Ferry schedule tightens further, but some hope in horizon

“We don’t make these decisions lightly,” said Amy Scarton, head of Washington State Ferries.

Washington State Ferries (WSF) will extend their winter sailing schedules across all routes through at least June 20 as part of a broader response to COVID-19.

WSF’s spring season, which was poised to include increased service on some routes, was originally scheduled to begin on March 29. The triangle route — Fauntleroy/Vashon/Southworth — was set to receive a third vessel added on the weekend schedule as part of the spring schedule adjustment, but that will not occur through June 20.

Meanwhile, Washington State Ferries’ central Puget Sound routes, including the triangle route, will continue to operate on a reduced schedule. Those service reductions began on Sunday, March 29, and will remain in place through at least April 25.

The service reductions are attributed to a significant decrease in ridership and the limited availability of sufficient crew personnel to meet federal requirements.

“We know schedule changes affect many people and we don’t make these decisions lightly,” said Amy Scarton, head of WSF, in a press release. “But following discussions with health authorities and state officials, we had to make this difficult decision in order to help slow the spread of the virus while still preserving some service options.”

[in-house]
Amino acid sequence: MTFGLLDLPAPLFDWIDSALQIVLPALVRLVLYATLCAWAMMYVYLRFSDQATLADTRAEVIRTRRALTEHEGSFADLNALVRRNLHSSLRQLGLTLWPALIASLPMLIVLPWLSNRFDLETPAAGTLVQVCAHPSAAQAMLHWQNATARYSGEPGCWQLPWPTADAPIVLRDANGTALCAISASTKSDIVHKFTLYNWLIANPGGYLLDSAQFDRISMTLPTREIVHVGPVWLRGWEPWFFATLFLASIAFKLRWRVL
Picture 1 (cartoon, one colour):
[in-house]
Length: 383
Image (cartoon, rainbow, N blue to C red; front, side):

Recent system-wide ridership has been down about 75% compared to the last week of February according to the press release. Walk-on passengers have decreased more than 90 percent, while the number of vehicles carried has dropped nearly 65 percent.

But elsewhere there was a glimmer of hope that restrictions on movement were having a positive effect on containing the virus.

On Monday, researchers announced findings in the scholarly journal Morbidity and Mortality Weekly Report that suggest public policies encouraging social distancing practices correlated with a reduction in the spread of the virus in four major cities, including Seattle.

“This analysis reinforces other recent studies that show people in our community are heeding public health directives to stay home and the spread of COVID-19 is slowing,” said Dr. Jeff Duchin, Health Officer for Public Health – Seattle & King County in a press release. “But before we can feel comfortable relaxing social distancing measures, we need to further decrease transmission and have widespread testing availability and public health systems in place to quickly identify people who are infected and their close contacts to help them isolate and quarantine.”

On Monday, public health reported 123 new cases for a total of 4,549 with four new deaths. There are currently four positive cases on Vashon.